Morgan Stanley is confident that Apple Inc. (AAPL) can regain its trillion-dollar market cap status, regardless of how many new iPhones it sells.
In a research note, reported on by CNBC, the bank predicted that the tech giant’s shares could rise 27% to $211 this year based on the strength of new service offerings. Analyst Katy Huberty said the company’s plans to launch a “media bundle” would be a major driver for the stock and prove that there is life beyond the iPhone.
Apple is focusing on growing its digital services business to counter tepid smartphone sales. The company is expected to debut a video streaming service this spring, forming part of a “media bundle” that includes Apple Music and the Texture news app, the digital magazine service it acquired in March 2018.
Huberty estimated that the "media bundle" could add 2% annually to Apple’s services revenue through 2025, helping to drive a 5% revenue and 12% earnings per share annual growth rate through 2023. Morgan Stanley also believes Apple’s stock could be boosted by an expansion of its payments and advertising business and more share repurchases.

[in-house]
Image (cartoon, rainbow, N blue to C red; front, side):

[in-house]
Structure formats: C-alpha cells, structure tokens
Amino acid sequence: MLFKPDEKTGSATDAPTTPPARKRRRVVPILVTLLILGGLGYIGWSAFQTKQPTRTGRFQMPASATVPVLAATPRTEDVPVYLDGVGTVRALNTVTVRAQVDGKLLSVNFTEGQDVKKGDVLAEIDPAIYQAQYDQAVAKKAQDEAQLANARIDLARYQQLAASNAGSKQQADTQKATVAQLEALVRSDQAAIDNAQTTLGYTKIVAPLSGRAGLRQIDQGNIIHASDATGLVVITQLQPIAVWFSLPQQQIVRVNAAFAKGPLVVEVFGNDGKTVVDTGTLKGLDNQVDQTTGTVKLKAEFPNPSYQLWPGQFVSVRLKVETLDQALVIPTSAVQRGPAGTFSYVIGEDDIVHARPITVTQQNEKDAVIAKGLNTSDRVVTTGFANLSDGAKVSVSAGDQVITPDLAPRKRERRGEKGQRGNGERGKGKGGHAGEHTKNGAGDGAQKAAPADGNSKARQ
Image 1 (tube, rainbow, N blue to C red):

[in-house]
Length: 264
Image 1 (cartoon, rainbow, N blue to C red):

"After repurchasing $8.8 billion of stock in the December quarter, below the prior $20 billion run-rate, we see a more active buyback program helping re-rate shares, as investors better understand the stabilization path for iPhone and impact of new services," Huberty wrote.
Apple shares got hammered at the beginning of the year when CEO Tim Cook warned that tepid demand for iPhones, particularly in China, had forced the company to reassess its revenue forecasts. Since then, the company’s stock has steadily bounced back, reflecting the market’s conviction that the bad news was out the way and that the shares had been oversold.
Sentiment rose considerably later in January when quarterly results revealed that the company’s services business, described by management as the future engine of growth, helped compensate for dwindling smartphone sales.
Apple revealed that there are now 1.4 million of its active devices, including 900 million iPhones, in circulation that are capable of generating recurring revenues. Services revenues jumped 19% to a record $10.9 billion in the first quarter, giving investors reasons to believe that there’s more to Apple’s business than selling as many new iPhones as possible at high prices.